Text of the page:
Of the state's seven Division I programs, five play in non-Power Five conferences and lack access to the nation's top recruits. (Hunter's best Georgia State player happened to be his son.) But Michael Hall of the Brunswick Times posted a story Saturday that quoted the disgraced Georgia coach Jim Harrick as saying, "You recruit the best talent in the state of Georgia, and you can win a championship."
A word about that: Harrick never won a championship at Georgia — in 2002, his Bulldogs tied Florida and Kentucky for first in the defunct SEC East — and resigned after president Michael Adams removed the team from the 2003 postseason because of Tony Cole’s ESPN-aired tale of impropriety. Harrick also is a proven fabulist, having been fired by UCLA for lying to superiors. But here, to a point, he has a point.
From 2010 through 2015 — a span of six recruiting classes — 31 players from Georgia ranked among Rivals’ top 100 prospects. Four signed with in-state schools: Kentavious Caldwell-Pope (No. 12 in 2011) and Derek Ogbeide (No. 91 in 2015) with Georgia; Robert Carter Jr. (No. 33 in 2012) and Marcus Georges-Hunt (No. 95 the same year) with Tech. Caldwell-Pope left for the NBA after two seasons; Carter transferred to Maryland after two seasons.
Some who exited have since returned to Georgia schools — Ryan Harrow and Kevin Ware to Georgia State; Trae Golden, Nick Jacobs and Charles Mitchell to Tech — but you get the drift. Even if all those departing players weren’t major talents, that’s still a major talent drain.
Granted, the past few years haven’t generated the same yield as the first decade of this century, when Georgia products Kwame Brown and Dwight Howard were drafted No. 1 overall and Louis Williams, Josh Smith, Randolph Morris, Javaris Crittenton, Al-Farouq Aminu and Derrick Favors ranked among the top 10 of their respective recruiting classes. Ten years ago, you could have won a national championship just with Georgia players — but Brown, Howard, Williams and Smith went straight to the NBA.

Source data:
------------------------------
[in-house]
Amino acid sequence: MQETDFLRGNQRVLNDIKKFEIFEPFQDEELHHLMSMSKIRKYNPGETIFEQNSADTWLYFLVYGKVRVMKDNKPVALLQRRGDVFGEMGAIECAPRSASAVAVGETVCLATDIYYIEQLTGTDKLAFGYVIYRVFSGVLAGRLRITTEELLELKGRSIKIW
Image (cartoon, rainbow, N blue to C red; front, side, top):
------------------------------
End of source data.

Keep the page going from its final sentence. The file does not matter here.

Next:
We move to current events. Rivals rates eight Georgians among this year’s top 100. Two signed with Georgia, one with Tech. Of those three, the highest-ranked is No. 70 Romello White of Wheeler. The state’s three leading prospects are bound for Arizona, Connecticut and Auburn. Last year’s top two Georgians were Jaylen Brown of Wheeler, averaging 14.8 points for California, and Malik Beasley of St. Francis, who leads Florida State in scoring and rebounding.
Georgia’s Fox is a deft tactician who keeps trying to make do with lesser talent. Tech’s Gregory is 20-55 in ACC regular-season play and is clinging to his job only via the kindness of transfers. (Of the seven Jackets who have started games this season, five began their collegiate careers elsewhere.) Neither coach has recruited Georgia half as well as he should have. If either program is to break upward, it has to happen with the 2017 recruiting class.
Three locals rank among Rivals’ top 24 prospects for next season: No. 1 Wendell Carter of Pace Academy, No. 16 Ikey Obiagu of Greenforest Christian Academy and No. 24 M.J. Walker of Jonesboro. A major program cannot allow such players to escape the way Brown and Beasley just did. If big-time basketball is to return to Athens and/or the Flats, the talent drain must cease. Even a surge fueled by a one-and-done beats no surge at all.